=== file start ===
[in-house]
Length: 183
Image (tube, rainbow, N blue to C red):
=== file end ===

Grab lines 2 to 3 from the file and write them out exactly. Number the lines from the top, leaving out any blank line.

Length: 183
Image (tube, rainbow, N blue to C red):